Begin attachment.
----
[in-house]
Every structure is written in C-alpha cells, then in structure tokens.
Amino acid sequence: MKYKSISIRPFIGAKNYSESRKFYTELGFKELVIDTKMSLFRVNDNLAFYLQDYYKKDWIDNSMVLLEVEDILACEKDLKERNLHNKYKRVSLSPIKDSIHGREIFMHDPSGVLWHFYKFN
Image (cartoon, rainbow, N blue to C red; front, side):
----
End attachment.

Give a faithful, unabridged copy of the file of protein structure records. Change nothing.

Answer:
[in-house]
Every structure is written in C-alpha cells, then in structure tokens.
Amino acid sequence: MKYKSISIRPFIGAKNYSESRKFYTELGFKELVIDTKMSLFRVNDNLAFYLQDYYKKDWIDNSMVLLEVEDILACEKDLKERNLHNKYKRVSLSPIKDSIHGREIFMHDPSGVLWHFYKFN
Image (cartoon, rainbow, N blue to C red; front, side):